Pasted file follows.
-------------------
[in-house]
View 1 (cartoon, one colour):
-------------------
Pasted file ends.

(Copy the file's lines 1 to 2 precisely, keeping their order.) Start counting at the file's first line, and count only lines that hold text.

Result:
[in-house]
View 1 (cartoon, one colour):